+3 votes
in Fun & Humor ☻ by

I actually posted this Q on November 4 last, but it got lost in that Cloud collapse and Rooster was the only one to see it!

Bell's theorem was released on November 4, 1964 and it has been called the most profound ever in the whole of science; more so than Einstein, Sir Isaac Newton, the inventor of the wheel, any of 'em! Here is the analogy I use even though this is not fully accurate:

Thinking of the butterfly that flaps its wings in Australia, or maybe Switzerland, and causes an ion storm on the other side of the universe? Well Bell's theorem says that when the butterfly has its electrons properly entangled, that ion storm takes place instantaneously. No poking along at the speed of light to jiggle the ions up into a storm some zillions of light-years later, but right NOW!

...and the problem being of course that it appears that space does not really exist, or at least our understanding of space is not very good yet...and since then, Bell's theorem has been experimentally verified over and over, now, ty Alain Aspect...

So what did you do ;) to celebrate John Stewart Bell Day?  

3 Answers

+3 votes

I thought about non-local hidden variables.  :) :) :)


O Thank Heaven, how highly apropos, JSB would have been thrilled I am sure!

+3 votes

I was reading this book which has a lot to do with the Philadelphia Experiment which is explained very well and closely relates to what you are saying about the space/time planes.



Well Rooster, I am putting the book on my list, then. The recommendations from you, I have enjoyed every single one of them, ty!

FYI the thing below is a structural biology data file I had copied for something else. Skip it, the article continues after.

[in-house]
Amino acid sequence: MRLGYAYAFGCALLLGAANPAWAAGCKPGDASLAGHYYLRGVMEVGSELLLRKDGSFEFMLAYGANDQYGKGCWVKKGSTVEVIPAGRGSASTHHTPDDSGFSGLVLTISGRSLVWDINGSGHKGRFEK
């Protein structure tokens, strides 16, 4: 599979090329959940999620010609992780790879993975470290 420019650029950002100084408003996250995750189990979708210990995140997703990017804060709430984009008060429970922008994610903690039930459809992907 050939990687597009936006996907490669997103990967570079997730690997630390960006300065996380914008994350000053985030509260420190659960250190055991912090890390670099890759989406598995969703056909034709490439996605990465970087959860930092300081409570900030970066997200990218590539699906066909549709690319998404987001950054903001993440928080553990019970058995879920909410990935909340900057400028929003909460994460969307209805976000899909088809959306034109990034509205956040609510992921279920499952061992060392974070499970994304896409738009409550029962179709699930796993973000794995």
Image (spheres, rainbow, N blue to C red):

+2 votes

Yes, Virginia, theorems vary much, and there are still many uncertainties and unexplored "domains" to discover (and to be "analysed").

The butterfly effect reminds us that small causes can have larger effects, a combination of circumstances favours increased quantities, power and/or speed, for instance, and that, according to more simply expressed popular sayings, there is always the last straw which breaks the camels back, or that little strokes fell big oaks.

Bell's theorem shows that there will always be uncertainties and differences, as predictions are basing on eventualities. Lots of questions remain unanswered or have too many more or less different or even conflicting answers.

It makes sense that (citing)

"No physical theory of local hidden variables can ever reproduce all of the predictions of quantum mechanics."



Space, vacuum and time or influences seem to be real and unreal at the same time, much like our perceptions may be "misled", if referring to colours, objects, mirages or illusions we can see, touch, hear, smell or feel.

As I feel like talking nonsense today, I think that I will need to do deepen into the subject (Roosters suggestion looks interesting).


Oh Marianne ty, well that clears THAT up then! 8-)  <3


Lol, Virginia, I have rather the impression that my rather awkward comment was confused and confusing ...


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